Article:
In the Islamic tradition, hijab, literally meaning “a separation,” is the word for modesty within women and men. Though today the word is used to refer almost exclusively to the headscarves worn by Muslim women, hijab practices among men and women differ widely depending on cultural norms and personal opinion.
Jocelyn Cesari is Senior Research Fellow at the Berkley Center for Religion, Peace and World Affairs at Georgetown University and directs the Islam in the West Program at Harvard University. She is the founder of Islamopedia Online, which maps the global field of Islam and Governance and of euro-islam.info which is the clearing house for resources on Muslims and Islam in Europe and North America. Her most recent books are "The Awakening of Muslim Democracy: Religion, Modernity and the State and "Why the West Fears Islam: Exploration of Muslim in Liberal Democracies."
Wardah Khalid is the author of the “Young American Muslim” blog on the Houston Chronicle and is a blogger for the Huffington Post. She is heavily involved in civic outreach, youth and interfaith work and has offered workshops on Islam, social media and Islamophobia to local and national audiences. She is currently pursuing her Master’s in International Affairs at Columbia University.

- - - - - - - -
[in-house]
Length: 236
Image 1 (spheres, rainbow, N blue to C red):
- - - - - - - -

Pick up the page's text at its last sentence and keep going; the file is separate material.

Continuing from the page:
The daughter of African immigrants to the American Midwest, Hind has long been interested in understanding the impact of migration, race, religion on shaping the development of Western Muslim consciousness. She blogs at Hindtrospectives on Patheos, and is the founder of Side Entrance, a tumblr which showcases the women’s sections of mosques around the world; according to the blog’s description, they showcase “the beautiful, the adequate and the pathetic.”